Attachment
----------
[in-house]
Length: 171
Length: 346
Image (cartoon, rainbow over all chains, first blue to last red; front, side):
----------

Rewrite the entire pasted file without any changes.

[in-house]
Length: 171
Length: 346
Image (cartoon, rainbow over all chains, first blue to last red; front, side):